Yulia Skripal, poisoned in nerve agent attack, says recovery slow and painful; 'lucky to have survived'
Yulia was discharged from a local hospital last month, and her father last week. Both have been taken to an undisclosed location for their protection. In a statement, Yulia Skripal said she and her father are 'so lucky to have both survived this attempted assassination.'
London: Yulia Skripal, who was poisoned with her ex-spy father in a nerve agent attack, said Wednesday that they're lucky to be alive and recovery has been slow and painful, in her first public statement since the poisoning.
Skripal, 33, and her 66-year-old father Sergei spent weeks hospitalized in critical condition after they were found unconscious in the English city of Salisbury on March 4.
Britain blames Russia for poisoning them with a military-grade nerve agent — a charge Russia vehemently denies. The poisoning has sparked a Cold War-style diplomatic crisis between Russia and the West, including the expulsion of hundreds of diplomats from both sides.
Yulia was discharged from a local hospital last month, and her father last week. Both have been taken to an undisclosed location for their protection.
In a statement, Yulia Skripal said she and her father are "so lucky to have both survived this attempted assassination."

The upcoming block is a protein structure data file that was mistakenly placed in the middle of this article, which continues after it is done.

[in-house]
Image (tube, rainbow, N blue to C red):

She said their recovery had been "slow and extremely painful."
"I don't want to describe the details, but the clinical treatment was invasive, painful and depressing," she said.
Sergei Skripal is a former Russian intelligence officer who was convicted of spying for Britain before coming to the U.K. as part of a 2010 prisoner swap. He had been living quietly in the cathedral city of Salisbury, 90 miles (145 kilometers) southwest of London, when he was struck down.
Britain says the Russian state poisoned the Skripals with a Soviet-designed nerve agent dubbed Novichok. Moscow accuses Britain of failing to provide any evidence and stonewalling Russian requests for information.
Russia's ambassador to Britain has accused the U.K. government of effectively kidnapping the Skripals and of breaking international law by not granting Russia consular access to them.
Yulia Skripal said that "in the longer term I hope to return home to my country."
"I'm grateful for the offers of assistance from the Russian Embassy, but at the moment I do not wish to avail myself of their services," she said.
"Also, I want to reiterate what I said in my earlier statement that no one speaks for me, or for my father, but ourselves."
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